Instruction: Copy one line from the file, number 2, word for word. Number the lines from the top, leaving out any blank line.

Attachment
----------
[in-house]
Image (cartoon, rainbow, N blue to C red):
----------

Image (cartoon, rainbow, N blue to C red):